Jays return to relevancy by taking calculated risk with Marlins trade
Toronto is hoping Tuesday's trade leads to its first playoff appearance in 20 years
With parity at an all-time high, Toronto is hoping for a turnaround like the 2012 O's
The 12-player blockbuster is a sign of how much economics have changed in MLB
You are the general manager of a team that won 73 games in 2012. Your fans expected great progress last season but instead endured a year of clubhouse controversies, injuries, and losing --- the 19th straight season without a postseason appearance. You watched a perennial loser from your division make the playoffs, your manager jumped ship to join another division rival. You and your organization stand at a crossroads --- and then, suddenly, there is an opportunity to change the direction of your franchise with one deal, a megadeal that will define your tenure as GM. What do you do?
If you're Alex Anthopolous, you pull the trigger. When the 35-year-old GM of the Blue Jays made the blockbuster deal with the Marlins that would rock the baseball world Tuesday night, he knew this: with the competitive balance in baseball stronger than ever (all but four teams have reached the postseason in the last 10 years), with all the TV money gushing into the game (MLB's new TV deal will bring each team an average of over $25 million in revenue beginning in 2014), now isn't the time to stay the course. If you're a team like the Blue Jays, a team on the cusp of contention, now is precisely the time to be bold.
Tuesday's stunning 12-player trade between the Blue Jays and Marlins that sent All-Stars Jose Reyes, Josh Johnson, and Mark Buehrle to Toronto was yet another sign of just how much the economics of the game have changed. Baseball is flush with cash. Look back at the last year, at the extraordinary money that's been thrown around --- the Dodgers sell for $2 billion, the Padres for $800 million; Joey Votto signs a $225 million extension with the Reds, a team with the smallest TV market in the majors; Matt Cain, a pitcher with 69 career wins, signs a $127.5 million deal, the largest ever for a right-handed pitcher. Now here are the Blue Jays, a team that ranked 23rd in payroll last year, taking on a staggering amount of cash. We don't know yet the final details of the deal, but there could be over $160 million going from the Marlins to the Blue Jays. Anthopolous, desperate for a starting pitcher, looked at the free agent market and clearly didn't like what he saw: Edwin Jackson wasn't going to sign for less than $12 million, the price for Anibal Sanchez rose after he helped the Tigers reach the World Series. So the 35-year-old GM got creative.
Not long after the final out of the 2012 World Series, a baseball executive looked ahead at the offseason and predicted that it would be unlike any other. He talked about how the trend of long-term contracts was killing free agency and how teams, enriched by lucrative regional cable TV deals, would aggressively pursue creative ways to upgrade their rosters, whether it be through the international market or the trade market. "With more and more teams thinking they've got a chance to be the next Orioles and make the playoffs, a lot of teams will be really aggressive," he said. "Beyond that, I'll be honest, I don't know what to expect."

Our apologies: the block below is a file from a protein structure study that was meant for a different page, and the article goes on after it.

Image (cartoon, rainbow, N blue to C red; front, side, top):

In other words, Tuesday's stunning deal may just be the start of a wild offseason --- a winter where 75-win teams, inspired by the success of the 2012 Orioles and A's, are more motivated than ever to go for it. What's next? Justin Upton to the Royals in the next blockbuster? Anything is possible.
Years from now, Tuesday may be remembered as the day the sleeping giant in the AL East finally awakened. Last February, Blue Jays president Paul Beeston was sitting on a chair in the infield turf at the Rogers Centre at the team's annual State of the Franchise event when he took the mike and told 1,000 season ticket holders that he expected his club to be in the playoffs three times in the next five years. The Blue Jays ended up finishing fourth in a disappointing campaign; they still haven't made the postseason in 19 years. And yet, in 2012, the team saw both their attendance and TV ratings rise.
"We are at a point right now where we have got to make a move," Beeston said on a Toronto radio show in late August. "We've got to be aggressive. We have got to put ourselves in a position to have a chance for next year."
It turns out that Beeston wasn't all talk. The Blue Jays, suddenly, are relevant again.
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